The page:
At professional conferences, the question-and-answer session is an integral portion of many presentations. I’ve spoken at events where it was mandatory to save time for questions from the audience, and the allotted time can be anywhere from five minutes to sometimes 30 minutes.
However, the Q&A should not be the final element of your speech. You, the presenter, must have the final word for a strong memorable closing. So,
To facilitate Q&A smoothly, follow this process:
- After the last main point, provide a transition to open the floor for questions
- Repeat the question so everyone in the room can hear and understand it
- Answer the question truthfully and to your best ability
- Watch the clock
- Say you have time for one final question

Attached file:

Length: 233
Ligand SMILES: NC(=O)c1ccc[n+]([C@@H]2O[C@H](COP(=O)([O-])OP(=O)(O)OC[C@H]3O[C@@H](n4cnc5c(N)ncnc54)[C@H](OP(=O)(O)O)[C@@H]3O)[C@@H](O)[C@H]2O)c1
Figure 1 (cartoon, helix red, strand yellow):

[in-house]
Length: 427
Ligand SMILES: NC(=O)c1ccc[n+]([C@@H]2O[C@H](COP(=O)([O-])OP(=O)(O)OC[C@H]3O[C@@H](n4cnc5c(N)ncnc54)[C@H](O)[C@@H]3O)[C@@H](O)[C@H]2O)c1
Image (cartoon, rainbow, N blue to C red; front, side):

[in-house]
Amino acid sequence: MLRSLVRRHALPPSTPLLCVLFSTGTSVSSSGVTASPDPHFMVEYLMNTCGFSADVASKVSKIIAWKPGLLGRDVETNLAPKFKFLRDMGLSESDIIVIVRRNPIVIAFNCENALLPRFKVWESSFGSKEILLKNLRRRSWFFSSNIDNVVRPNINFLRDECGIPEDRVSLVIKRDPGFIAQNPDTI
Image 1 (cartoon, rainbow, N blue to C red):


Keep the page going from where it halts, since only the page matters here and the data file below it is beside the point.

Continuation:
- After answering that last question, close with your final planned remarks—your big bang
Your strong closing comprises these three elements in order:
- Closing signal
- Time for Q&A
- Final big bang
Your big bang is the convicting closing you have saved for the end. It could be a question to challenge your audience. It could be invoking your strong call to action. It could be using a fitting final personal anecdote or good story you have been saving for the end to drive home and personalize your main point.
After all, what’s the last idea you want floating around in the minds of your audience as they exit the meeting room? It’s probably not some random question someone in the audience asked about a tangential subject. Rather, it should be your well-executed big bang.
To customize a keynote or professional development session that will have your audience laughing and learning, contact Mandi Stanley.
Certified Speaking Professional Mandi Stanley works with business leaders who want to boost their professional image by becoming better speakers and writers through interactive high-content keynotes, breakout sessions, workshops, technical writing seminars, and fun proofreading classes.